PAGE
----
Well, just look up the Return on Invested Capital (ROIC) and the Weighted Average Cost of Capital (WACC) for a given company. You will often find these ratio’s online on one of the better platforms (i.e. gurufocus, finbox)

With those two metrics you can apply the following rule of thumb and it tells you whether the company is actually creating value with the money they invest:

ROIC % – WACC % = > 2%

Let me explain this a bit further.

The ROIC is typically used to assess how well a company is investing its capital and turning it into profits. The WACC is actually a bit the opposite. It tells you how expensive it is for a company to invest a Euro.

Hence, you want the ROIC to be greater than the WACC!

Let’s explain this with an example:

Let’s assume that Company A returns a profit of 12% on every Euro invested. The WACC is typically a blended percentage based on the cost of debt (i.e. 5%) and the cost of equity (i.e. 10%). Hence, let’s assume that the WACC is 8%.

In this case the company is creating shareholder value, because the ROIC is 4% more than the cost of capital (WACC)

You can also compare this to your own personal finance. Imagine that you go to the bank to take out a loan with 5% interest payments for half of the required money and you sell some positions in your portfolio that were making 10% a year for the other half of the required money. In such case you could have a personal WACC of 7.5%

Assume now that you would start to invest that money which costs you 7.5% per year. In that case you better find an investment which at least returns you 7.5% as well, but rather even more (+2% more). Otherwise you would just be losing money and the 2% is there as an inflation correction and margin of safety.

Hence why ROIC > WACC is such an important rule to also consider when analyzing stocks. It simply tells you if a company is adding shareholder value with its capital allocation.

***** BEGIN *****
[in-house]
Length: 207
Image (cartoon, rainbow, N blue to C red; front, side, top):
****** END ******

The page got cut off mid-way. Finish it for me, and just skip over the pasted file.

As I said before, sharing is caring!

I hope that you find these 3 investor rules of thumb useful when making your own investment decisions. It might just give you that little additional common sense when you get stuck in your stock analysis (and we’ve all been there!).

Having said that, let me know what you think. I’m also very curious to hear the investor rules of thumb that you apply. Feel free to add them in the comment section. I might learn something in return 🙏

Yours Truly,

European Dividend Growth Investor

PS: I didn’t know if it’s called a rule of thumb or a mnemonic, hence I wanted to share this funny fact with you 👇

If you are a Dutch speaker like me, then you would need to go to Google Translate to check out the term Mnemonic. Let me save you some time and already provide some of the translations:

Dutch: Ezelsbruggetje
German: Mnemonik
Spanish: Mnemotécnico
Polish: Mnemoniczny
Portugese: Mnemônico
Norwegian: Mnemonic
Danish: Mnemonic

OK, what the fuck have our Dutch ancestors been smoking?

Ezelsbruggetje literally means “Little Donkey Bridge”.

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I’m not a certified financial planner/advisor nor a certified financial analyst nor an economist nor a CPA nor an accountant nor a lawyer. I’m not a finance professional through formal education. I’m a person who believes and takes pride in a sense of freedom, satisfaction, fulfillment and empowerment that I get from being financially competent and being conscious managing my personal money. The contents on this blog are for informational and entertainment purposes only and does not constitute financial, accounting, or legal advice. I can’t promise that the information shared on my blog is appropriate for you or anyone else. By reading this blog, you agree to hold me harmless from any ramifications, financial or otherwise, that occur to you as a result of acting on information provided on this blog.